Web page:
Rotary Clubs present dictionaries to county’s third graders
Thanks to the generosity of the 15 Rotary Clubs, every third grade student in the Lee County School District received a dictionary of their own Friday.
The “Dictionary Project” as helped open the doorway for students to expand their vocabularies for nearly 20 years.
On Friday, students at J. Colin English Elementary in North Fort Myers all received a new dictionary, and they couldn’t wait to open it up and learn new words.
William Barrett, chairman of the Dictionary Project, said the event featured Dr. Greg Adkins, Lee County Schools Superinten-dent, a fellow Rotarian, went well.
“We went through some of the endeavors we took on after the hurricane and helping in other areas locally and internationally,” Barrett said. “Polio has been a longtime focus and the kids had an awful lot of questions.”
Assistant Principal Clinton Garlick said about 75 dictionaries were distributed, as well as several Spanish to English dictionaries for those who speak Spanish.
“When they learned what they can do with them, they were ecstatic. They started looking through it, trying to find new words. The kids are excited about reading and work on their word count every day. For them to look up words they don’t know, it’s a prize for them,” Garlick said. “And it’s theirs, it’s something they can call their own.”
Barrett said many children don’t have the money for a dictionary.
“A teacher told me a lot of these kids don’t have these resources at home or access to cell phones or computers, so this is a great resource they can use in their curriculum and when they’re home,” Barrett said. “They were all bubbly about it.”
Christian McClelland, who’s 8 and loves school, said she loved her new dictionary.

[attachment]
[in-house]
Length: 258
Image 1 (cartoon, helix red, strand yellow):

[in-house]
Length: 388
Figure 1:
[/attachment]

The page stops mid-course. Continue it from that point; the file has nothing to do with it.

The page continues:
“I love dictionaries, they help you with words. My favorite word is ‘pick up the pace,'” McClellend said. “I also like the longest word in history,” which she tried to share before concluding, “I can’t even say it.”
The goal of this program is to assist third-graders in completing the school year as good writers, active readers and creative thinkers.
A dictionary is perhaps the first and most powerful reference tool that a child should own. Its usefulness goes beyond the spellings, pronunciations and definitions it lists. It is also a companion for solving problems that arise as a child develops his or her reading, writing, and creative thinking abilities.
Students also benefit from an increased self-reliance and resourcefulness inspired by the maxim, “look it up.”
Barrett said the dictionaries have the presidents, the Constitution, state birds, everything, kind of like a mini encyclopedia.
“Their curriculum brings them to the dictionary. At that point they use it on a daily basis, which is why we bring them in this time of year,” Barrett said. “There was one kid looking at the book and trying to do the sign language.”
Since 1999, Lee County Rotarians have distributed approximately 150,000 English and Spanish dictionaries at a cost of more than $275,000.